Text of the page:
PopUpManager doesn't work in AIR Windows

In the process of upgrading a Flex application at work, I've come across a particuliar issue regarding how the PopUpManager works in AIR. In a Flex application you are likely to have code that looks like this:

var win:MyView = PopUpManager.createPopUp( this, MyView , true ) as MyView;
PopUpManager.centerPopUp( win );
win.dataProvider = someData;

The code above creates an instance of MyView (which extends TitleWindow) and displays it as a model window and finally passes it some data so that the user can complete a task. The code above will work in an AIR application in the main application window, but not in subsequent NativeWindows!

So if your AIR application creates a new window (an instance of Window or NativeWindow) and within that window you run the code above, you will see nothing. So you will start wondering where is the instance of MyView? Is it off the screen somewhere? Who knows where it is, you can't see it and your users won't either. It simply doesn't work.

I searched the Flex bug base and did find a bug about this: SDK-12565. Basically it says that the windowing system is not integrated into the PopUpManager and that it should be. So custom controls like the CompletionInput control which I've used for a long time don't work inside NativeWindow instances. So If this issue affects you in any way and want it corrected sooner rather than later, then vote for bug SDK-12565.


UEFA.com uses Flex for MatchDay interface

Being a soccer fan, I am currently following the Euro 2008 tournament that started this past weekend. So today because I was at work, I followed the two games on the UEFA.com website and to my surprise, they are using Flex for their MatchDay interface! That's very cool and shows once again that Flex is being used world wide. Gone are the page refreshes, the UI now auto-updates itself with the latest data on the game and the main view displays the field showing where the latest action occured as described in the match ticker. So if you are a soccer fan, definitly worth a look.

I am anxious for the first game by Greece tomorrow, I'm hoping for a positive result! Go Greece!


Flex easy to learn for Java developers

Since the first release of Flex back in 2004 the main target audience has been Java developers. And this continues to be true even today, especially when you consider the server-side compliments of BlazeDS and LiveCycle Data Services are both Java based solutions. And this is also easily apparent in the real-world and I see it first hand everyday at my company, where everything we built is in Flex and Java.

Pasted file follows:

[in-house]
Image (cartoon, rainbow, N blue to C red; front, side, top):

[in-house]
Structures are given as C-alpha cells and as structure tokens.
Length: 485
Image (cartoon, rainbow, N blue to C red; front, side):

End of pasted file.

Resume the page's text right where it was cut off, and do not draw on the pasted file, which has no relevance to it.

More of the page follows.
One of the guys I work with the most, Jade, has developed Java Applets in the past and he picked up Flex very easily, to the point where he is using it for his own personal home projects. Another good example is our architect, who worked with me recently on a brand new project. I let him do a portion of the Flex UI and at one point he even went as far to create a new validator component that received the error messages from the server-side. Like I said, its easy to pick up :) One last example, I upgraded one project from Flex 2 to 3 with another fellow developer at his request, so that he could some of the new APIs that deal with Bitmaps objects.

The similarities between the two languages is uncanny and that really helps bring people over. Thus we use the best technology for creating UIs - Flex - and continue to use Java on the server-side to implement the business logic. It's the best of both worlds.

To get into more details, read my Flex/Java article on the Developer Center.

Always find out the "real question"

Our job as software developers is not only to code, but more importantly to solve problems. Many times we get people who come to ask us to add feature A or B to an application to make it more productive, which is reasonable. There are other times however when we must dig a little further when someone is asking for a new feature, to really know if it is the right solution. My favorite way of doing this is by responding to their question by saying "What is your real question?". Don't just settle for "can you add this other button", or "can you make this faster", but figure out what the end-user is really doing, what he/she is looking to accomplish, what daily task needs to be completed. Because the feature they are asking for, might in fact not be the real solution to their problem.

Best example of this came a couple weeks ago when someone ask me to improve the performance of a report system. Upon learning the details I saw that what the user was doing was running queries the report engine wasn't build for. And upon further questioning, I figured out that all they needed was to enter a record identifier to retrieve all associated records and display them in a grid. Now doing that, is must simpler and faster than trying to re-write a reporting engine to deal with a specific use case.

So remember, don't just do what people say, ask questions, find out what the real need is, what the end goal is and if needed, go sit next to the end user and observer for while, you will be enlightened.